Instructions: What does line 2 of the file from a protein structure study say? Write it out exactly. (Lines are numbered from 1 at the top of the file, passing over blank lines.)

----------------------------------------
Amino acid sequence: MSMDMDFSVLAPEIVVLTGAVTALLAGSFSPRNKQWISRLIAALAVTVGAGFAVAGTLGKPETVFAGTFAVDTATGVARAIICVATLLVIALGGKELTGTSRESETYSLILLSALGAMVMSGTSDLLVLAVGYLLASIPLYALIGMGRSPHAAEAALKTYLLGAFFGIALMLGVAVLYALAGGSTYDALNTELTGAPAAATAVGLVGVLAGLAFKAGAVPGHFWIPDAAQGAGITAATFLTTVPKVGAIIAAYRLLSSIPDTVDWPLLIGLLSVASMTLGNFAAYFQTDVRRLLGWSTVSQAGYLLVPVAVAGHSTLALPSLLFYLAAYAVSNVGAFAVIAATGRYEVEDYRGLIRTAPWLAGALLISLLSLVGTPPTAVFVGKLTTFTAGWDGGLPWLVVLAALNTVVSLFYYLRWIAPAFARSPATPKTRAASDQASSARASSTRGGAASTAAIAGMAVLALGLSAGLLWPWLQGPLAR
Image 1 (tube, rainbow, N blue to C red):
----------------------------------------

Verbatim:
Image 1 (tube, rainbow, N blue to C red):